Miroslav Volf is an interesting theologian at Yale Divinity School who was born in Croatia, the son of a pacifist minister in the Pentecostal tradition and the sole openly professing Christian in his high school of 3,500 students in the former Yugoslavia. The death of communism, however, gave birth not only to more public followers of Christ but also to warfare, eventually, between those Christians. Here’s what Volf said in a 1999 interview in Christianity Today:
I was very disturbed how a whole set of commitments were thrown out of the window by some of my Christian friends on both sides when the war came. The commandment to love the enemy, which we practiced more or less in relation to the Communists, did not apply when the enemy was our Serbian or Croatian neighbor. . . . I would ask my students, ‘Who is closer to you, your Croatian neighbor who’s not a Christian, or your Serbian brother or sister in Christ?’ It was not at all clear how the answer would go. Pretty soon it became obvious that’s not a Croatian question. It’s the dilemma of the church and the world.
So when he writes about religious violence or forgiveness, Volf brings instant credibility and isn’t merely reflecting on these ideas in the abstract. In his book The End of Memory: Remembering Rightly in a Violent World, he connects a prayer of Elie Wiesel on behalf of the survivors of the Holocaust:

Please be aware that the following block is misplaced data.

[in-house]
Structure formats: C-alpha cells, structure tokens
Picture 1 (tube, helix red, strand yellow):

Oh, they do not forgive the killers and their accomplices, nor should they. Nor should you, Master of the Universe. . . . As long as a spark of the flames of Auschwitz and Treblinka glows in their memory, so long will my joy be incomplete.
. . . with the words of Psalm 109:15, where the psalmist asks God to remember forever the sins of wicked and deceitful people:
Let them be before the Lord continually . . .
Volf agrees that it’s impossible to reconcile the memory of evil and the experience of joy. He also believes, however, that Christ’s forgiveness will ultimately be the last word and that Christ’s forgiveness embraces non-remembrance. So, while it’s important to remember wrongs suffered and not to remember them wrongly, thereby transforming memory from a shield into a sword, it’s even more important to realize that wrongs suffered won’t be remembered for eternity:
Evildoers triumph when they and their deeds are remembered even when they themselves have been defeated – the reason the same psalmist who implores God not to forgive the wicked prays that the memory of them may be blotted out from the earth . . .
If we remembered the wrongs suffered in the world to come, we would not only defer to the wishes of evildoers, we would also pay too much respect to evil itself. What incredible power evil would have if once you had wronged someone, you, the person you had wronged, and God would remain permanently marked by it!
Although Christianity and forgiveness are wonderfully intertwined, the latter is easier to receive for ourselves than to offer to others. This Sunday morning, the Rector’s Forum at St. Stephen’s Church will explore the struggle that so many of us obviously have with forgiveness, which is at the heart of the cross.